Indie powerhouse Brad Grey Television — the production shingle behind such hits as “The Sopranos” and “Just Shoot Me” — is setting up shop at 20th Century Fox Television.
BGTV has inked an exclusive three-year partnership deal with 20th and ended its relationship with Sony, where Grey’s banner had been based since 1999.
New deal calls for 20th to jointly produce projects with BGTV, with 20th covering all financial deficits involved in production of series picked up by the Big Six.
In exchange, 20th will get off-net distribution rights, with BGTV getting a chunk of any backend revenue. In addition, 20th will provide a development fund for BGTV and pay a portion of the company’s overhead. BGTV and 20th will jointly decide which projects to produce, thus giving 20th the ability to control its financial investment in BGTV skeins.
Deal makes BGTV exclusive to 20th for network primetime projects. For cable series, 20th has a first-look arrangement.
BGTV prexy Peter Traugett and development chief Susie Fitzgerald will remain in their posts, and most other staffers are expected to remain with the company in some way.BGTV will have access to 20th’s back-office departments, such as business affairs; it’s unclear how Grey plans to take advantage of those offerings.
While BGTV had a much larger development fund at Sony, the new pact could prove to be far more profitable for Grey.
That’s because rather than setting up a joint partnership — where hits and failures are tallied up, and the net profit split between both companies — the 20th deal rewards BGTV in success without penalizing it for failure. It also gives BGTV access to 20th’s considerable roster of talent.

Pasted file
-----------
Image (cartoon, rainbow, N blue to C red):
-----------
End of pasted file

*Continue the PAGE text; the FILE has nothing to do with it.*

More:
Twentieth Century Fox TV prexy Dana Walden — who put together the BGTV deal with fellow prexy Gary Newman and Fox Entertainment Group topper Sandy Grushow — said bringing BGTV into the studio’s fold will help it continue its position as a diversified supplier to all six nets.
“20th is going to be incredibly enhanced with a talent magnet like Brad Grey in our organization,” Walden told Daily Variety. “He’s clearly a really smart guy who has incredible taste and a strong sense of what works both commercially and critically.”
What’s more, with 20th and other studios dramatically scaling back on overall deals with scribes, BGTV– which is linked to the Brillstein-Grey management banner– will help the studio land writers for one-shot projects.
“When we’re out there competing for one-shot deals, and writers are weighing all their options, we believe Brad and his team are going to be a really strong draw,” Walden said.
Several studios, including Sony and some network in-house production units, discussed doing a deal with BGTV. Grey said he ultimately chose to ink with 20th because of its breadth.
“In this environment, you have to have great strength and leverage behind you,” he said. “Nobody’s been more aggressive than 20th. And with the assets they have and our team, I’m very optimistic about the future.”
Key to the deal is the fact that BGTV doesn’t have to worry about carrying any deficits for network shows it produces. It does have to get 20th’s approval before moving forward with series, but both parties expect a collaborative relationship.
Indeed, Grey said he and 20th are on the same page when it comes to controlling costs.
“Without sustained profitability, there can’t be sustained creativity,” he said. “We try to be mindful of the business concerns and run the company in a responsible way.”
The 20th deal reps the fourth home for BGTV in the past 10 years. Before Sony, company was based at Universal; it had previously been linked to ABC.
In addition to “The Sopranos” and “Just Shoot Me,” BGTV produces the ABC hit “According to Jim.” Its previous successes include “The Larry Sanders Show” and “NewsRadio.” “Sanders” and “The Sopranos” are two of the most critically well-reviewed shows ever.
BGTV has five pilots in contention for next fall, including “My Big Loud Greek Family” for CBS and “What Leonard Comes Home To,” a co-production with Touchstone for ABC.